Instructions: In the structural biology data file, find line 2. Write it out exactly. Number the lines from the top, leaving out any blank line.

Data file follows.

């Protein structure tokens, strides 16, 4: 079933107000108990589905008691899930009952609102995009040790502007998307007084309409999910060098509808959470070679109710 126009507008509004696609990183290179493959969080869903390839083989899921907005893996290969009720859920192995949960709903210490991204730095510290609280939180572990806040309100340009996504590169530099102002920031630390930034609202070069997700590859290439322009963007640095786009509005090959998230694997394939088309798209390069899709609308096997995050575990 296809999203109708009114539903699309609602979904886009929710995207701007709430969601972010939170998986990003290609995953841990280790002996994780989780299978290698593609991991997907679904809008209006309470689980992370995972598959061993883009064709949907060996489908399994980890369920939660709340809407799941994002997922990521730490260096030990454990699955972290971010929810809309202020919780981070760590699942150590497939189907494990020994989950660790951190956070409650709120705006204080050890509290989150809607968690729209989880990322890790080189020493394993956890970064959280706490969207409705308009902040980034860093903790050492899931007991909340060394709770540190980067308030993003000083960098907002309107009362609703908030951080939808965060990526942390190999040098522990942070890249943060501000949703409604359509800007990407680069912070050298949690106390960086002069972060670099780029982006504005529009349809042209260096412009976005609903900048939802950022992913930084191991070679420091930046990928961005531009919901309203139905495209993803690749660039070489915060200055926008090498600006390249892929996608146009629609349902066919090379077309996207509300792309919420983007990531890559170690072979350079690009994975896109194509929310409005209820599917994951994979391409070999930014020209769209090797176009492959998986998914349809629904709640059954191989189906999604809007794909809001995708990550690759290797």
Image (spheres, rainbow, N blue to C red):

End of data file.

Image (spheres, rainbow, N blue to C red):